Samsung Galaxy Beam Review
Today we have the one and only Samsung Galaxy Beam smartphone to show everyone. This isn’t actually the one and only, as Samsung’s released a phone with the same name in 2010. This is a new and improved Galaxy Beam — just don’t look into the light. What we have here is a decently powerful mid-range smartphone, complete with a 15 lumen bright Texas Instruments DLP (Digital Light Processing) pico projector. If you want to stream movies to the wall in your room — this phones for you. Head on down for our full review.
The Galaxy Beam is a unique device indeed. It’s a great mid-range smartphone, and a decent pocket pico projector too. It won’t have some expensive projector specs, but for what they’re offering it is a great device. This might not be what you had in mind when considering a smartphone, but this is a great phone for more than just a business professional. Check out our full review and multiple videos below.
The Galaxy Beam has been equipped with some rather decent specs from Samsung, only just not a processor that is widely known. Instead of Qualcomm or Texas Instruments it runs on a Novathor 1.0 GHz dual-core processor (U8500), has 768MB of RAM, and 8GB of internal storage. Equipped with a 4-inch 480 x 800 resolution display, Android 2.3 Gingerbread, and a pair of cameras. Nicely you get a massive 2,000 mAh battery, and Samsung has two in the box should you run out while showing a presentation.
The entire device measures in at 124 x 64.2 x 12.5mm at 145g light. The Beam might not be the lightest, or the thinnest around but the simple fact that it also is packing along a projector makes it full of win. It’s a little on the heavy side, but not when you take into account the double package it offers. We’ll talk more on the DLP projector below so for now here’s a quick rundown on the hardware and a quick overview in our hands-on and unboxing video.
On the side you have a dedicated on/off for the projector, that happens to be near where Samsung usually has the regular power button. I found myself occasionally hitting that but you have to long press so won’t need to worry about accidentally turning on the projector. The right side also features a micro-SD slot as you saw above. Then on to the left side is the 3.5 jack, volume rocker, and of course the Sim slot for HSPA+ support. We’re using T-Mobile here stateside since this was launched outside of the US.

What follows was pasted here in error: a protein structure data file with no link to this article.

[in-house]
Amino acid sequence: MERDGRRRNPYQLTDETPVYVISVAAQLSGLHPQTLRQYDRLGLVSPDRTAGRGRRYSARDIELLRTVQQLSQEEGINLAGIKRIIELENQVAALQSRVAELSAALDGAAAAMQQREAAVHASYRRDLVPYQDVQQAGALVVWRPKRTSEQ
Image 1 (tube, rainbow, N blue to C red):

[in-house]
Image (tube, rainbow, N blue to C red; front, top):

Overall I’m really enjoying the feel and durability of the phone. It feels very sturdy and nice in the hand, the weight gives it a premium feel, and the rubber coating on the back makes for a comfortable grip during usage. Since this is more than just a projector, and also a smartphone, you’ll be happy to know its a great mid-range smartphone too. Should you never use the projector this would still be highly acceptable as a regular everyday smartphone.
The software is nothing new here from Samsung. We get the aging Android 2.3 Gingerbread with Samsung’s usual Touch Wiz changes, and if you’ve ever used a Samsung phone you’ll feel right at home. You saw the software in my video above, but here’s a few screenshots of the installed apps save for a few I downloaded myself.
The Novathor processor keeps Android smooth and steady, the software isn’t anything new and the only important part here is the projector app — which we’ll dive into shortly. Apps, games, and YouTube works great on the 4-inch screen, and are even better being projected to 50-inches on my wall.
Since this is more about the projector we’ll also take this moment to talk about performance. Benchmarks were average at best for a dual-core. Scoring higher than some Tegra 2 devices you’ll have no problem with any games, or streaming video to the projector. Quadrant breaks 2,700 and AntuTu was decent as shown below. Benchmarks are just that, benchmarks, and real world usage was just fine.
Here’s where things get exciting. We’re rocking a Texas Instruments DLP projector capable of beaming (beam me up Scotty) a 50-inch picture. The resolution is only nHD at 640